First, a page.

In a testament to the deep divide between the business and tea party wings of the Republican Party, the news of Speaker John A. Boehner's pending departure left K Street lobbyists reeling and conservative activists jubilant.
For tea party organizers at the Club for Growth, FreedomWorks and Heritage Action for America, Boehner’s announced resignation from both his leadership post and his House seat caps a multi-year ideological war with the speaker and his allies over issues ranging from the debt ceiling to immigration, health care, the Export-Import Bank and most recently Planned Parenthood.
“The big takeaway is that the next speaker is going to have to be somebody who has deep respect for the conservative base of the party,” said Heritage Action for America spokesman Dan Holler. “The party can’t be seen as being cozy with Wall Street, being cozy with K Street, doing the bidding of Boeing and GE.”
Many K Streeters, by contrast, said they were shocked, if not surprised, by Boehner’s news, and voiced anxiety over what comes next. Business leaders have lost key policy battles over immigration and the Ex-Im Bank; have rallied behind former Florida Gov. Jeb Bush in the presidential race only to see him trail in the polls; and now face the prospect of yet another government shutdown.
“To some degree, it’s a setback, and you’ve already seen the John Boehner haters out there,” said Marc Lampkin, a partner at Brownstein Hyatt Farber Schreck and a former Boehner aide. In a world where Donald Trump is a top contender for the GOP nomination and where “more and more people worship at the altar of Rush [Limbaugh], this only gives them greater impetus to be defiant and to run against, in many respects, common sense.”
The view from K Street, as from many quarters, is that House Majority Leader Kevin McCarthy, of California, is the leading candidate to take over the speaker’s gavel from Boehner.
But tea party organizers reject McCarthy out of hand, saying that the next speaker should be someone from the conservative House Freedom Caucus, which is led by Ohio Rep. Jim Jordan.
“If they replace him with someone like Kevin McCarthy, nothing is going to change,” said Scott Hofstra, a spokesman for the United Kentucky Tea Party, which lobbied members of the Kentucky congressional delegation to back a resolution that Rep. Mark Meadows, R-N.C., was circulating to vacate the speaker’s chair and replace him with a conservative to their liking.
Tea party organizers have been angling to topple Boehner for years, whipping up conservatives over a long list of complaints that includes his endorsement of an immigration overhaul; his willingness to work with Democrats to win approval of such bills as fast-track Trade Promotion Authority for Barack Obama; and his punishment of Freedom Caucus members who disagreed with him. Boehner's recent reluctance to shut down the government over the Planned Parenthood controversy was to many conservatives a last straw.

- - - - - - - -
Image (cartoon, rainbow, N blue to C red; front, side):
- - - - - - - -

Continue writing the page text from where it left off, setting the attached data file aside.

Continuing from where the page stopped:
Conservative lawmakers “were hearing from pissed off constituents, and a lot of that anger and ire fell back on Boehner,” said Adam Brandon, president and CEO of FreedomWorks.
K Street will miss Boehner — if he doesn’t end up working there himself as so many departing lawmakers have done.
“He had a very close relationship with K Street — that’s just kind of how it is,” said John Feehery, a former House GOP aide who worked for Boehner's predecessor, J. Dennis Hastert, and is now a lobbyist. “McCarthy’s got a lot of good contacts on K Street, too.”
Downtown talent scouts said Boehner would have many options should the soon-to-be-former speaker decide to pursue a career on K Street. Depending on the nature of the work, his salary could easily clear $1 million.
“He would be a huge catch for any firm on K Street,” said Ivan Adler, a K Street recruiter for the McCormick Group. “Besides the fact that getting a former speaker is a huge coup for anyone, I think his personality is perfect for the lobbying business.”
Tea party favorite, Sen. Ted Cruz of Texas, weighed in and speculated that Boehner would "land in a cushy K Street job," but only after teaming with Democrats to pass a number of measures. Boehner, who talked to reporters Friday, did not say what he'll do next.
Adler said that while Boehner’s departure will throw the speaker’s staff into a rapid search for new jobs, they are expected — as aides to former House Majority Leader Eric Cantor did — to land well.
“Lots of his staff are professionals and certainly people have done well when their rabbi has left,” he said. “The value of the speaker’s staff is that they tend to know the whole caucus. And people that know the whole caucus are extremely valuable on K Street.”
The caucus, of course, is brutally divided.
“Boehner was such a whipping boy for the right,” said Kathryn Lehman, a lobbyist with Holland & Knight and one-time top House GOP aide. “The problem is not the House, the problem is you have Barack Obama at the White House and you need 60 Senate votes to get it done. So what have you accomplished? Nothing.”
For the GOP’s business-friendly wing, Boehner’s departure is a setback in the ongoing fight with more populist, hard-line conservatives.
“If you’re involved in public policy, you deal with the people who control the mantle of power,” said Lampkin. “Lots of people who represent big corporate interests are probably saddened by this because it represents a denigration of the institution.”
Conservatives, too, see Boehner’s departure as a signal of big changes ahead – but for the better. Said Brandon, of FreedomWorks: “I think you’re looking at a new GOP emerging out of this.”